The counter where the ladies will eat cheese and carrots and hummus but will tiptoe around the bread; the toilets that I will clean; the supply closet on the second floor from which I will replenish the rooms.
And downstairs all the female staff wear black and all the ladies wear lingerie and wigs and how we are all always underdressed by someone’s standards. We all have ideas and mine is that I look like a frumpy secretary but Mercedes reckons I look thirteen and Pandora says Eastern European we watch music videos on the digital jukebox and the running gag is to ask if my parents know that I work here.
A lady’s face crashes crying into Kerri. Kerri says to her she doesn’t need to work tonight but she decides to stay on for some reason or another, she must have one, we all do. I’m unsure where to rest my eyes or hands.
A text from you with a single heart. Walking into the office and yawning to pretend like what I’m not doing is checking my phone.
Sometimes I’m an automatic door revolving slowly trying to trap confused businessmen who look like they’re hosting a shit game show, dressed by Roger David, Peter Jackson if you’re lucky. My dad said never trust a man with two first names. We all have our prejudices.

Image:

Everyone a bit hungry like primary school kids who lie and say they left their lunches at home, but not really, they just want for something different.
A man with red like McDonalds sundae dripping from a hole in his head comes in. He’s playing pool with Ebony and Pandora and maybe Sasha, no one minds. It’s like a nightclub in here.
I repeat the list of names of places I have never been and abstract concepts I don’t quite get. It’s all wishful thinking and aspiration, like on Oprah. This is Milan. This is Destiny. This is your life. A man with blurred words says his wife’s next door but he goes upstairs because he’s still starving, he could eat a horse, or be hung like one.
I am sometimes upstairs to the rooms after and they have the composty smell like the old salad in a lunch box with too many forks sifted through.
Pulling off sheets is undressing you, pulling them on is the re-dressing. You’re a baby and you need changing, and so I take you to the King Size room (the party room) with the big bed for the big boy, got you on my mind, fulfill my fantasy. But really I am just alone cramming new prophylactics in the drawer and checking if the tissue box needs changing. We are all someone’s children.